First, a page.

Monday, 29 October 2018

'The Less Said The Better' by Lou Carter

This week, author, Lou Carter, has taken the Picture Book Den reins and is talking to us about minimal word count picture books. Lou is the author of 'Pirate Stew', illustrated by Nikki Dyson, and also 'There Is No Dragon In This Story', illustrated by Deborah Allwright, which has now been translated into a phenomenal 18 languages!!  'Oscar The Hungry Unicorn' is Lou and Nikki's next offering and we're lucky to have a sneak peek of it today! Thank you, Lou.

'When my agent suggested that I try to write a minimal word count picture book I immediately thought, no way. Surely that would be territory reserved only for author-illustrators. And would a publisher not think I was just downright lazy? But then I got to work…

When I run picture book writing workshops in schools, one of the most important things I try to get across is that you must let the pictures tell some of the story. This sounds obvious I know, but I think it is all too easy to write too much in the text and then have an illustration showing the same information.

For example;
TEXT: One bright, sunny morning Rabbit put on her favourite red hat and hopped off to the Carrot Cafe for breakfast.
ILLUSTRATION: A rabbit in a red hat hopping towards Carrot Cafe, the sun shining in the sky.

In this example the text tells you everything you need to know without the picture. Similarly the picture tells you everything you need to know without the text. You would not glean any extra information from either the words or the illustrations. Ideally, with this illustration the only text needed would be something that Rabbit thinks or feels i.e. something we cannot SEE.
For example;
TEXT: Rabbit was hungry!
TEXT: Rabbit couldn't wait for breakfast!

This skill is important for any length picture book but is essential for minimal word texts.

In my opinion, Jon Klassen is the king of this genre, my favourites being This Is Not My Hat and  I Want My Hat Back. In both stories the illustrations and text come together perfectly to tell simple yet highly amusing stories.

So when I came to write Oscar The Hungry Unicorn I tried to focus on these key principles;
1) story simplicity
(The Oscar storyline is that of a unicorn who eats everything, including his stable, and simply tries to find somewhere else to live.)
2) punchline pictures
(where the text will set up the joke for the illustration to answer)
For instance, on this page neither the text nor the illustration would be complete on their own. But together the text sets up the joke by explaining that the ship has a hole in it and the picture provides the punchline - Oscar has bitten the hole in it. 

My first drafts of Oscar were in excess of 400 words (around half that of my other picture books.) And although I was pleased with the early versions I felt they could be funnier still.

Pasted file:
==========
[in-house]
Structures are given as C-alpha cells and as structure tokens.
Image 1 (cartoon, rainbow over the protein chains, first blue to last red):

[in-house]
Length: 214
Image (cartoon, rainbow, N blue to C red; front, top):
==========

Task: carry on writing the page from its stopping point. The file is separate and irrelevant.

It was my daughter in the end who suggested that I “cut way more words”. Once I halved the word count again to just under 200 words the story suddenly felt right and packed more of a punch.

Less is more, as they say.'

'Oscar the Hungry Unicorn' by Lou Carter and Nikki Dyson is out now and can be found in all good book shops and online! 



Lucy Rowland said...

Wonderful post, thank you Lou! Writing 'Minimal word count texts' is an area of picture book writing that I'd really like to trial. With your tips, I'm looking forward to having a go! x

Jonathan Emmett said...

Thanks for a great guest post, Lou. I must confess that I've made the case that "less is often just less" elsewhere on this blog, as I worry that publishers sometimes get overly obsessive about word count at the expense of appealing storytelling. But pruning back a text is definetly an essential skill for a picture book author and I've written some minimal word count picture books as well.

Paeony Lewis said...

Thanks, Lou :-) When you write a minimal text, do you do a really rough dummy so the editor and illustrator can understand what is happening? I appreciate the illustrator won't want to follow your illustrations, and they'd only be for clarity!

David McMullin said...

Shorter texts is definitely a skill. Ten years ago I couldn't write a PB under 1000 words to save my life, but now most of my manuscripts arequite short. I feel, for me, that as the word counts went down, the quality went up.

Helen Ishmurzin said...

Thanks for the fascinating insights, Lou! Similar to Paeony's question above, the article made me wonder how extensive your art notes were? Picture book authors are often warned off of using art notes because we're told many agents and editors hate them, but I can't imagine a manuscript such as Oscar the Hungry Unicorn without any...